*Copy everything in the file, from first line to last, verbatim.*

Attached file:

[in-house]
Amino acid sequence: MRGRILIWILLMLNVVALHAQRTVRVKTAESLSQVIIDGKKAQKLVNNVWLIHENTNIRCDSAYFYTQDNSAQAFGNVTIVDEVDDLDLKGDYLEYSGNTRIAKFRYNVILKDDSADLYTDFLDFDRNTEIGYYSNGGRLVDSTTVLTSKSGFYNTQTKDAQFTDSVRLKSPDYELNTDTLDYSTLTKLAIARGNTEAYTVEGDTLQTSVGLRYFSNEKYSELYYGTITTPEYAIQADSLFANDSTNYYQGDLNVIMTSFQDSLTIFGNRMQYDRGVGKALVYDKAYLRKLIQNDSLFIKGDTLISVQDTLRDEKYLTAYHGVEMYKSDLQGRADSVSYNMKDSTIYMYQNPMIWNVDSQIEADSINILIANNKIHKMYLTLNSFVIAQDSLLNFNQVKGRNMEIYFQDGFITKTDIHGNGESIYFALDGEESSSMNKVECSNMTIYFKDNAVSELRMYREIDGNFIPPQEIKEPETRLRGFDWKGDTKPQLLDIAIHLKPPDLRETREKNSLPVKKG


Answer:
[in-house]
Amino acid sequence: MRGRILIWILLMLNVVALHAQRTVRVKTAESLSQVIIDGKKAQKLVNNVWLIHENTNIRCDSAYFYTQDNSAQAFGNVTIVDEVDDLDLKGDYLEYSGNTRIAKFRYNVILKDDSADLYTDFLDFDRNTEIGYYSNGGRLVDSTTVLTSKSGFYNTQTKDAQFTDSVRLKSPDYELNTDTLDYSTLTKLAIARGNTEAYTVEGDTLQTSVGLRYFSNEKYSELYYGTITTPEYAIQADSLFANDSTNYYQGDLNVIMTSFQDSLTIFGNRMQYDRGVGKALVYDKAYLRKLIQNDSLFIKGDTLISVQDTLRDEKYLTAYHGVEMYKSDLQGRADSVSYNMKDSTIYMYQNPMIWNVDSQIEADSINILIANNKIHKMYLTLNSFVIAQDSLLNFNQVKGRNMEIYFQDGFITKTDIHGNGESIYFALDGEESSSMNKVECSNMTIYFKDNAVSELRMYREIDGNFIPPQEIKEPETRLRGFDWKGDTKPQLLDIAIHLKPPDLRETREKNSLPVKKG